The script that accomplishes these steps can be pretty much anything. Given that you want to ultimately incorporate it into your IDE, it seems like the most logical choices would be an ant script or an Eclipse plugin. Neither would be too complicated - the ant script would just do those steps, and you could import the ant script into an Eclipse project specifically for doing testing - and a plugin could just add a menu item which, when run within a project, would execute the above steps for that project.

NOTE: There are actually several different ways to trigger a build with parameters using Jenkins. For example, you can do a POST request, use json to pass the parameter as described in the jenkins docs I linked to, use the Jenkins CLI, etc. Not all of them work with file parameters, but you would use them all in a very similar way - as a step in your custom script, you would execute a remote build on Jenkins, and pass the file you want to use to test with. For example, the explanation I gave assumes that the testing file is very small; if that's not the case, you might want to do a POST request instead. If you run into problems using one method, it should be pretty easy to switch it to use a different method that works better.

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Unfortunately I do not have a ready solution but I think I can give you some tips since I spent some time thinking about this.

I do not know about TestNG but JUnit has ability to plugin your own test executor. I am sure that TestNG has appropriate functionality. So, find it and be familiar with it. Since you can control how your test is being invoked you can even do something else instead of invoking the test case's methods. For example call some remote API that will make the test to run remotely.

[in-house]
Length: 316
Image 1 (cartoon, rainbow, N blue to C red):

Obviously it can be web service that makes remote Agent (according to your suggestion) to run test on remote machine. It is fine, but I like agent-less or semi agent-less solutions more. What do I mean? If for example your remote machine is Unix you can perform SSH or Telnet connection and run command line. In this case you can create mvn or ant script, copy to remote machine using ssh and then run it. The script will run your tests. So it is almost agent less. You just require java installation and SSH support.

If remote machine is windows you can use either Telnet or WMI. So, if security is not an issue but you need cross platform support use Telnet.

Please do not hesitate to contact me if you need more assistance concerning SSH/Telnet.

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Thanks. We already run tests on the remote machines by using Unix Tools and Ant. But the dev experience would be much better if you can run the test directly from the IDE (and also debug them easily) and get the "green bar" directly beside the code (not on a seperately opened webpage like hudson/jenkins). –  ifischer Jun 9 '11 at 21:51

I haven't done it myself (my tests are local), but here are some stuff that could work:

  • Cargo can be used to run a server and deploy modules into it
  • Running the tests can be done using Cactus (quite old) or JUnitEE. In bothe cases, you implement the tests using JUnit and run them remotely. Another option is to write the tests to interact with a dedicated API on your server which runs the tests and reports back.
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In my solution, I will lunch a local JNDI server and add a remote object (an object implement the Remote interface), then you could use the remote object to sync your local IDE and remote server or other place.